Human Innovation is the British company using unconventional data to uncover your desires
Once Human Innovation has gathered the contextualised feedback it needs, it then draws out the path that it sees the industry taking in the future and compares it to the core desires of its key market. Think of it as a mixture of pure data-driven analytics and a bit of creative alchemy to bring innovation into the 21st century.
It’s this process that helps companies redefine their problems. Rather than the company trying to identify its own issues, Human Innnovation’s data can reveal what the issues are for the customer and, consequently, the company can deliver the solution that customers actually want.
“A bank might say ‘the current problem we’ve identified is that customers are unsatisfied with their current account’,” explains Powney. “That’s probably what a customer could articulate. What a customer can’t articulate is ‘I’d like instantaneous access to my personal spend management, and forecasting alerts for when I’m going to go overdrawn.’”
It’s here that Human Innovation can step in and say to the banks that, if you look at all the adjacent technologies out there right now, everything is pointing in the same direction. Instead of starting in the bank’s comfort zone, it should be starting where all those points converge. “Can we empower people with their own spend data, and give them better forecasting capabilities? That’s the reframed innovation problem.”
As Powney points out: “Coming up with ideas is what most people think innovation is, but coming up with ideas without any research just isn’t valid. It could be anything; it’s not a magic show.” And it’s true, without first generating a platform from which to innovate, you’ll just be shooting ideas into the abyss and wondering why they continually fail.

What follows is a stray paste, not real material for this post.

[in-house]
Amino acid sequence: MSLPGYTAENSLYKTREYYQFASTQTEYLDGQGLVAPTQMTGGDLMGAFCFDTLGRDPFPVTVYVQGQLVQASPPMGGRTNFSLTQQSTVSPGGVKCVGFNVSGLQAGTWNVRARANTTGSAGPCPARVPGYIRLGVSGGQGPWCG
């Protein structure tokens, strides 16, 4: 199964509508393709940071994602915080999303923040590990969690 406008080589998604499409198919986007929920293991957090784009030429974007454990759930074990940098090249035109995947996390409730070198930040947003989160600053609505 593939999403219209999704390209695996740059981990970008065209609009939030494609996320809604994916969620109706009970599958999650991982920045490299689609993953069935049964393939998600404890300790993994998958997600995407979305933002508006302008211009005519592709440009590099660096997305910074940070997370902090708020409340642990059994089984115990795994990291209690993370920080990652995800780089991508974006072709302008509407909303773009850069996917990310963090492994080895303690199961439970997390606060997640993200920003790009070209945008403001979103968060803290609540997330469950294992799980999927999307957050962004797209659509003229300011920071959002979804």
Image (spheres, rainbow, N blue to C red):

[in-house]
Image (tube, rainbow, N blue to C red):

The market challenge
Still, a data-led process isn’t infallible. While there’s always a risk of unexpected market movements dictated by sudden cultural or environmental shifts, one of the biggest barriers to innovation is actually something simple – budget. Sometimes a company simply can’t afford it, other times there’s just too much work that needs to be done.
“You can look at a market, brand [or] technology and have an amazing product concept, but know that the amount of money required to change people’s behaviours is just too much. You’d have to launch a series of other innovations to change their behaviour before they’d even adopt such a piece of technology.”
“Part of the art is the instinct to understand these data points and to know when to kill your baby.”
One example Powney gives is of Apple and its Siri virtual assistant. Tim Cook and co poured a lot of money into making Siri work, but when the technology launched back in 2011, it was rudimentary and went largely unused by many iOS users. Now, though, Siri has paid off. People are now ready to use the technology and Apple was lucky enough to be able to fund a long-term project like Siri. Most companies can’t take a risk like that.
Thankfully, Human Innovation can call duff ideas a mile off. “Part of the art, if you like, is the instinct to understand these data points and to know when to kill your baby. You get so invested in an idea, your team has to be mature enough to just back and know when to kill.”
It’s crucial that Powney’s company can think like this, because it doesn’t have the capacity to change how an entire business thinks and runs.
“As a small agency – a small, brilliantly staffed, fast-growing agency – it’s difficult to get to the top decision makers. We only ever really nibble at the edges of a business, rather than perform the entire transformation of a global business’ ethos. We operate in the world of improving brands, concepts, services. We’ll improve internal process so they aren’t making classic mistakes, but we’re only going to work with ambitious clients.”